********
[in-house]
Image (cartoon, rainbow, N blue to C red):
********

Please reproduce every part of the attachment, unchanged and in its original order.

[in-house]
Image (cartoon, rainbow, N blue to C red):